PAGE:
“Sustainability” permeates our world. But what is sustainability?
    Consider this comment from new Albuquerque Public Schools superintendent Raquel Reedy: “The fact is that our students move many times. Consequently, there is very little sustainability, very little consistency where children stay at one school the entire time.”
    Likely, whatever Reedy means by “sustainability” and APS sustainability measures is different from the meaning of the people who proposed sustainability resolutions for consideration at the annual meeting of PNM Resources Inc., parent company of Public Service Company and a Texas utility.
    PNM’s board of directors wisely recommended voting against the proposals.
    For those not owning stock, a brief primer is that corporation divides ownership into shares. People can buy those shares. I bought 1.5 shares of Disney for my new grandson, Christopher. Shareowners have a slight say in what a company does, depending in part on the number of shares owned. But shareholders can also ask the company to do things thorough proposals to the annual meeting or by asking questions at the annual meeting.

  • Letter to the Editor 5-4-16

    Roundabout battles: the root causes?

    Why does Los Alamos find itself, time after time, over a decades-long period, in roundabout battles? I think it’s a result of double-vision that exists at a deep level among both county planners and citizens. My view of this underlying schism has been formed as a result of participating in two expensive roundabout contests, and through second-hand knowledge as an observer of several previous battles. For convenience, I’ll call these two visions the “utopian” and the “utilitarian”. First, I’ll sketch the visions of each group. Then, I’ll broadly characterize how each group “sees” roundabouts.
    Utilitarian-speak can be recognized by words and phrases such as, “artery,” “efficiency,” “productivity,” “congestion,” “safety,” “cost effectiveness,” “redundancy,” “waste of taxpayer money,” “usability,” “smart signal,” “right tool for the job,” “examples,” “statistics,” “analysis” and “if it ain’t broke, don’t fix it.”

  • Venture to change regulating

    By JOHN BARTLIT
    New Mexico Citizens for Clean Air & Water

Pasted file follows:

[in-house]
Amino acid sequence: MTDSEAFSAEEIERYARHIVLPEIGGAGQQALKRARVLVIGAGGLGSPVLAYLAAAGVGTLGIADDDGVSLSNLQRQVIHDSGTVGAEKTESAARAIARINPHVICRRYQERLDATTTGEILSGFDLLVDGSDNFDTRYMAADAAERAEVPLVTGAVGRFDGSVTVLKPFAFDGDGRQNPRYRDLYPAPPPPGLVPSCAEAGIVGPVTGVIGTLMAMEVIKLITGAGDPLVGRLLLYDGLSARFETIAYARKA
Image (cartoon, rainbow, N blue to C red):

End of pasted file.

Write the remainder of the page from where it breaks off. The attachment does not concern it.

The time has come for regulation to be more businesslike. A healthy dose of market zeal has been missing for too long.
    Regrettably, politicking will not bring needed change.  
    One old campaign banner says regulation is the scourge of free markets. But that reading forgets that large-scale “free” markets owe their steady success to regulations.
    Long-thriving markets are built on the bedrock of rules that standardize weights and measures, rules of contracts, and rules to enforce both.
    After government had established these necessary parts, trade could reach across regions.   
    Another old snapshot says regulation stifles innovation. Whether it was true at one time, it is distinctly untrue today. Regulation today is a storehouse of unmet needs for inventions.
    In the Digital Age, entrepreneurs search far and wide for new markets. The searches skim past regulation, as if it were fine as is. It is not fine.
    Good prospects to innovate are overlooked, which leaves regulation encumbered with hobbly methods that innovations crowd out of other fields.

  • Tweeting DWI court hearings should give useful information

    Gov. Susana Martinez is taking another swing at DWI. Last week, she announced a contract with Mothers Against Drunk Driving to observe DWI court hearings and publicize the results on Twitter. It’s strange but has possibilities.
    With a two-year, $800,000 contract, MADD will place monitors in courtrooms in Bernalillo, Doña Ana, McKinley, Rio Arriba and San Juan counties. They will gather information about DWI case outcomes and post them on social media.
    One thing I’ve heard, from both experts and legislators, is that the criminal justice system isn’t working. We have laws on the books, but prosecutors and judges plead these cases down. We don’t know why.
    The MADD monitors might help answer that question, depending on the information they gather. We need to know the judge’s thinking and what the mitigating factors are, and you can’t deliver that in a tweet. Tweets are good for the quick comment, the wise crack. They generate buzz for a moment and then they’re gone.
    How are we supposed to learn what happens in court and spot problem areas? Call me old fashioned, but I want to see a report.